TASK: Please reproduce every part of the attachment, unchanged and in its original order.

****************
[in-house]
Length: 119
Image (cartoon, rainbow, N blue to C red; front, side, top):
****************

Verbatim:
[in-house]
Length: 119
Image (cartoon, rainbow, N blue to C red; front, side, top):